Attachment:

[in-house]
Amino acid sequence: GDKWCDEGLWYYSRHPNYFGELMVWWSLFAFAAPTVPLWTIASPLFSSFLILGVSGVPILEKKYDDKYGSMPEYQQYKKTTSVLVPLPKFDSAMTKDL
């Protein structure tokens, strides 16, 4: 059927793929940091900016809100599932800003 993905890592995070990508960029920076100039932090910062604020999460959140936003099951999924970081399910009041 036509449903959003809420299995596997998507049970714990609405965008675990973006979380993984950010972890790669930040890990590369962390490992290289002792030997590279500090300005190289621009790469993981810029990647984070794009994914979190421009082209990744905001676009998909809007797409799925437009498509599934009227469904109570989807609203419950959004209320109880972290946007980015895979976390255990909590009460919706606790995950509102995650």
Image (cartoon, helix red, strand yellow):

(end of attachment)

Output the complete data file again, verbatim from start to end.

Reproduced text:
[in-house]
Amino acid sequence: GDKWCDEGLWYYSRHPNYFGELMVWWSLFAFAAPTVPLWTIASPLFSSFLILGVSGVPILEKKYDDKYGSMPEYQQYKKTTSVLVPLPKFDSAMTKDL
């Protein structure tokens, strides 16, 4: 059927793929940091900016809100599932800003 993905890592995070990508960029920076100039932090910062604020999460959140936003099951999924970081399910009041 036509449903959003809420299995596997998507049970714990609405965008675990973006979380993984950010972890790669930040890990590369962390490992290289002792030997590279500090300005190289621009790469993981810029990647984070794009994914979190421009082209990744905001676009998909809007797409799925437009498509599934009227469904109570989807609203419950959004209320109880972290946007980015895979976390255990909590009460919706606790995950509102995650």
Image (cartoon, helix red, strand yellow):